The March figures show the state’s unemployment rate dropped to 6.3 per cent from 6.8 per cent in February (seasonally adjusted) – compared to a national rate which dropped unexpectedly to 5.6 per cent from 5.8.
However, South Australia retained the unwanted mantle of worst state for the jobless rate, above the next worst state, Victoria, with 6.1 per cent.
The participation rate – the proportion of people either in the workforce or looking for a job – fell slightly and is now the equal lowest in Australia along with Tasmania, at 61.9 per cent.
The total number of people in jobs in South Australia dropped slightly – from 847,400 to 846,800. That figure is 10,000 lower than in March 2020.
The underemployment rate of 8.6 per cent was unchanged. Only Tasmania recorded a higher underemployment rate than South Australia.
With JobKeeper having ended on March 28, governments across Australia will be waiting nervously for next month’s figures to assess the initial impact of the withdrawal of that multi-billion-dollar support mechanism.
South Australia’s performance echoes concerns raised in the latest Deloitte Business Outlook report released this week.
The report found that SA’s relatively good employment figures late last year had an “unjustified shine” due to a decline in the participation rate.
Innovation and Skills Minister David Pisoni took a short-term view to put a positive spin on the figures – taking the January employment figure as a baseline, even though it was 12,000 jobs fewer than the previous month.
He said that “since January there have been 6100 jobs created in South Australia” and “unemployment has fallen from 7.1 per cent to 6.3 per cent”.
“Since the peak of the COVID shock South Australia has created 37,900 additional jobs, he said.
“Today’s ABS statistics show there have never been more jobs vacancies in South Australia’s history, with opportunities for employment right across the economy.”
However, Opposition treasury spokesman Stephen Mullighan described today’s figures as a “triple whammy” of worst unemployment rate, worst participation rate and worst youth unemployment rate (16.4 per cent).
“We now have a jobs crisis in SA – we have continued to lose jobs, and yet our unemployment rate has gone down – because our state’s participation rate continues its freefall, meaning fewer South Australians are actively engaged in the jobs market,” Mullighan said.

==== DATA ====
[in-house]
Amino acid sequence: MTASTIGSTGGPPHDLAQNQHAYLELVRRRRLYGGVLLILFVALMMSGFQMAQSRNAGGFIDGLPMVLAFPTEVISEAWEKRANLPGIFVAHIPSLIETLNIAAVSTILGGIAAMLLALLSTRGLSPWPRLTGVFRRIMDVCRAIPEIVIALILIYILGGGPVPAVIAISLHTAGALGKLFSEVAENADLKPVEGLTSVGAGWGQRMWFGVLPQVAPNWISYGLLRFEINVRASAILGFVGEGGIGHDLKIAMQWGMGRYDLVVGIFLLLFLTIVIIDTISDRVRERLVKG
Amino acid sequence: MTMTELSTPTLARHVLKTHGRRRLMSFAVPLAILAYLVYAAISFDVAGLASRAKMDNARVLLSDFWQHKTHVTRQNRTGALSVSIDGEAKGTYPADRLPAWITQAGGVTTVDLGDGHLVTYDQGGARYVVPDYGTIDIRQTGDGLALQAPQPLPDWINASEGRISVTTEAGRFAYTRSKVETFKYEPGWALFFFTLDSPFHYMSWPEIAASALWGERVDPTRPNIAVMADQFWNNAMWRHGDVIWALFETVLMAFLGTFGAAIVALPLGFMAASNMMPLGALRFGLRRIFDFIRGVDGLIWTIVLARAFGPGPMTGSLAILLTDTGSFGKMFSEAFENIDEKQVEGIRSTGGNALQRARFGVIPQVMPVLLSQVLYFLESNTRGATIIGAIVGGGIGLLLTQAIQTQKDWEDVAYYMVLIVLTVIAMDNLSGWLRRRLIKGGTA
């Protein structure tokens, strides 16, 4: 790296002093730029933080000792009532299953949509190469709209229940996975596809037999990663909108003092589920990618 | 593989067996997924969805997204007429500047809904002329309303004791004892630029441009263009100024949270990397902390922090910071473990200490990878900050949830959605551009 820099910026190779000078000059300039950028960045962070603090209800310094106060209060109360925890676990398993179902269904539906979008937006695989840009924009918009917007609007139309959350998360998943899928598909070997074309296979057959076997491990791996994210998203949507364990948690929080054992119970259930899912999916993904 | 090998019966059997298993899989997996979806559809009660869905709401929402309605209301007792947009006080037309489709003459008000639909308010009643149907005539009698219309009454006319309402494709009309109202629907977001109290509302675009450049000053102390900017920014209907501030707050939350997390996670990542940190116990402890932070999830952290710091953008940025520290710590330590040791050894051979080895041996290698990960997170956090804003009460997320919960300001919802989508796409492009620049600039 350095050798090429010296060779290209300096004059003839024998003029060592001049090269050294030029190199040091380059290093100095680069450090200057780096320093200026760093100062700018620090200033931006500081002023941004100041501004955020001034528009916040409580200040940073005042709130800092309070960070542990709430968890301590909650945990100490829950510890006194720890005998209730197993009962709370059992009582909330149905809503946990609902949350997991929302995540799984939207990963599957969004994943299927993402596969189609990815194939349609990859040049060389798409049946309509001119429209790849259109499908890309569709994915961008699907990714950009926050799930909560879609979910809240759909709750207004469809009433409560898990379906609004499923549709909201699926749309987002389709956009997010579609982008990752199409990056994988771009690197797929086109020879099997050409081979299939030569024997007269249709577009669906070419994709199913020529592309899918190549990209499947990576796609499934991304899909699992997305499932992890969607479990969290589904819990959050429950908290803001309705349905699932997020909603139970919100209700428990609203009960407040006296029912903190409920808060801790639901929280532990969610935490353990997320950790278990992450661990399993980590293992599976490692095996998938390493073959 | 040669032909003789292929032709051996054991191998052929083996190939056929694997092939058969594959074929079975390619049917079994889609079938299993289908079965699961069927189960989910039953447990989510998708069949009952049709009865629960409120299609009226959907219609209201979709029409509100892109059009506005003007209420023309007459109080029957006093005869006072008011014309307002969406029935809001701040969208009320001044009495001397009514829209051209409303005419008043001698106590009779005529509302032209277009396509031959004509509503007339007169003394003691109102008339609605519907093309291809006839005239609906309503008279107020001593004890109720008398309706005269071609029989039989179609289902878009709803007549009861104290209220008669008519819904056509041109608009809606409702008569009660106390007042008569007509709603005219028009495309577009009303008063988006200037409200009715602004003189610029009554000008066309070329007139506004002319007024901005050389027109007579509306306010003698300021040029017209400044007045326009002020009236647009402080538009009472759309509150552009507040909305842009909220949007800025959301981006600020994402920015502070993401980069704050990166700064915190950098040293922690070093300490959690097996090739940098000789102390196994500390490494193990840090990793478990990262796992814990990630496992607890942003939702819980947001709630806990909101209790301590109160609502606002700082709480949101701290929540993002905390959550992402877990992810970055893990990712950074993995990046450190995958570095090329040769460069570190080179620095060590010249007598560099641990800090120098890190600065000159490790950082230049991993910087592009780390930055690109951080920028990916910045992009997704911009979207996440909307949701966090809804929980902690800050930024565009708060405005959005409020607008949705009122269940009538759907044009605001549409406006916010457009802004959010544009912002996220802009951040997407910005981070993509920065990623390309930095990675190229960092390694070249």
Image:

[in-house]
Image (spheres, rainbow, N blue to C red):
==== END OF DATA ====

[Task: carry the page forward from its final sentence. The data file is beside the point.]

“We’ve had the best health response to the pandemic led by Nicola Spurrier and Grant Stevens, yet our economic response is clearly the worst in the nation – Steven Marshall must act and do more to support local jobs.”
The Australian Bureau of Statistics said today the number of people employed across the nation in March rose by 70,700, more than double what economists had been expecting.
While full-time employment fell by 20,800 in the month, part-time employment jumped by 91,500.
Any impact from the end of JobKeeper will start to be seen from the April figures, which are due on May 20 – the week after the federal budget.
More than one million people were estimated to still be on JobKeeper in the first three months of the year.
Treasury has forecast as many as 150,000 could have lost their job as a result of the wage subsidy ending.
However, demand for workers has been extremely strong, suggesting the momentum of the rebound from last year’s recession may be sufficient to absorb any JobKeeper-related job losses.
Just this week, preliminary figures from the National Skills Commission showed vacancies posted on the internet soared to a 12-year high in March following a huge 19.1 per cent increase in the month.
Other forward indicators of employment growth have been equally robust.
Business conditions also struck a record high in March, and solid forward orders suggest activity is set to grow further in coming months, a positive for future hiring intentions.
At the same time, consumer confidence has struck an 11-year high, an indication that households could be keeping retailers busy.
More to come
– with AAP
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